Tutorials and Training Articles

What is a publishable tutorial and/or training article?

As detailed below, a tutorial is largely a procedural guide to a particular piece of software, whereas a training article provides an introduction to a procedure or theory and thus provides general background preparation for performing molecular simulation calculations with diverse software packages. The guidelines below will discuss tutorials and training articles separately, but the editors recognize that authors may wish to submit hybrid training/tutorial articles. Authors pursuing a hybrid approach should carefully lay out their proposal in a pre-submission letter. The editors are not setting pre-conditions on hybrid articles, except that they should combine elements from both types of papers in a logical way suitable to the goals of the article.

Tutorials: Definition and scope

Tutorials are articles that take users through specific tasks or sequences of tasks within a particular established software platform, to help the users learn how to do these tasks on their own for other applications or purposes.

Tutorials are accompanied by associated other materials which help the reader put into practice the calculations described by the tutorial.
These additional materials may include

  • web pages with walkthroughs or instructional materials and downloadable files to work with
  • a website with training information and downloadable Jupyter notebooks teaching users how to perform a modeling task
  • a more extensive online course-like format with recorded lectures.

Tutorials must involve only software that has been previously validated through one or more peer-reviewed publications, and those must be referenced in the presubmission letter. Often, one of the software developers will be a tutorial author. In some cases, other users will have sufficient expertise to provide the highest-quality tutorials expected for LiveCoMS. If no developer is a proposed author of the tutorial, the presubmission letter should provide sufficient argument why the authors’ expertise is right for the tutorial.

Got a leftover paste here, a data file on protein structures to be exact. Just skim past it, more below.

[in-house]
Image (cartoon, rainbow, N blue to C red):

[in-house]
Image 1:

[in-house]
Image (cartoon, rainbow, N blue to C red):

Scope of tutorials: Tutorials should endeavor to cover a specific task or set of tasks at hand with explicit instructions, rather than cover too much information in a less detailed manner. However, they should also highlight how the steps might need to be modified, or additional care might need to be taken at particular points, to handle more general cases.

The scope of the tutorial, as well as the expected proficiencies / outcomes for researchers who complete the tutorial, should be clearly defined.

Prerequisites for tutorials: Tutorials should clearly define what concepts or abilities researchers will need to complete the tutorial (e.g., some proficiency in Python; experience with Jupyter notebooks; knowledge of classical MD; etc).

Tutorials should define what system and/or software requirements the researcher will need to complete the tutorial (e.g., VMD version 1.9 or newer, AMBER, etc.) in a clearly-marked section at the start of the manuscript; this information should also be provided within the presubmission letter to faciliate selection of appropriate reviewers. Tutorials requiring specific software packages must provide instructions and files for the referenced version of the software, as well as any information that might affect the output (e.g., what precision the binaries were compiled, what machines they were compiled on). As mentioned above, the software must have beeen previously published and validated, as the goal of a tutorial is not to introduce newly-developed software but to facilitate others’ using an established piece of software to carry out a particular task.